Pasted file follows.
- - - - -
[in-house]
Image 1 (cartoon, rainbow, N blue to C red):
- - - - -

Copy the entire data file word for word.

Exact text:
[in-house]
Image 1 (cartoon, rainbow, N blue to C red):